While it hasn't been a traditional school experience, what he's "lost" has been made up for in travel and being part of the ski community, he said. "You learn a lot. It's awesome. It's great."
He's learned about fear, for example. "Ski racing really involves the no-fear aspect," he said. "I don't really get scared easily. You just have to focus on what you know how to do. ... You just have to go for it. It's safer that way and it's your only chance to be fast, to be committed and not be scared of what you have to do."
In downhill racing, skiers average 40 mph to 60 mph and can reach 80 mph, according to the website About Sports. Alpine racing, Erik said, is a far cry from skiing even an advanced slope at a ski resort. "Race courses are gnarly, much steeper and the snow is usually pure ice," he said. "So the seriousness of the risk is much, much higher."
Asked how racers control their skis on ice, he replied: "Our edges are really, really sharp."
Technique is "just incredibly precise," he added. In competition, "margins are small, movements are small and beyond that, the differences (in finish times) are small," he said. As for the meaning of small, finish-time differences of 0.2 seconds are not considered small, he said, and differences of 0.1 second are not rare. He once lost a race by 0.03 seconds. "That's small," he said.
With differences like that, chance does play a role, he said, but the better skier you are, the more likely that chance works in your favor. "Sounds stupid, but definitely true," he said.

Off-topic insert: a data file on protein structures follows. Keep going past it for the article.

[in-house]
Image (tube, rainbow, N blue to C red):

Tactics vary by hill, by course, and by type of race, he said. Weather and home-team advantages are significant factors, as is starting position relative to other racers headed down the hill. "It's really complicated," he said.
Knees and ankles
Karl started swimming at 6 years old and swam competitively at around 8 or 9, he said. As time passed, he pushed himself more and came under a coach's supervision around 11 or 12. He played other sports until swimming required his focus throughout the year, he said.
Progress came with simply growing bigger and getting stronger. But now he's about as big and strong as he's going to get, so "I have to think about getting better," he said. If every practice is as good as it can be, it will pay off, he said. His speed continues to improve, he said.
Karl said his knees and ankles are unusually flexible. "That's how my body is, so that sometimes helps me swim fast in breast stroke," he said.
His dad's advice, when asked for, has been a significant influence, he said. "I know what he's saying is true and pretty helpful," he said. "He tries to stay out of it and not to be too on top of me."
A key piece of advice: practice. "You've done it so many times, and your body knows what to do," Par said. "Almost let your body take over and let your body do it. Trusting yourself is incredibly important."
On two mornings a week, Karl swims before school. He's back in the water from 4:15 to 7 p.m. every afternoon, and swims two hours on Saturdays -- about 40,000 yards a week, he said.
He also lifts weights and works on his core muscles. Core strength is important in maintaining a straight body in the water, and muscle memory allows you to concentrate on other aspects of swimming, he said.
His diet became a factor around age 14 or 15, he said. He discovered that what he ate affected his practice, so now he avoids sugar and drinks lots of water.